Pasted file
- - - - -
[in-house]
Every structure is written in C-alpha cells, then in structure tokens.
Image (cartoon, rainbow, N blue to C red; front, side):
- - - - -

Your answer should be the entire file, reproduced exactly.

[in-house]
Every structure is written in C-alpha cells, then in structure tokens.
Image (cartoon, rainbow, N blue to C red; front, side):